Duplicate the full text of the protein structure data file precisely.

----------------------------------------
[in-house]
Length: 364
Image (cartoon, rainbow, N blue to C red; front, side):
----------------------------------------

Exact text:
[in-house]
Length: 364
Image (cartoon, rainbow, N blue to C red; front, side):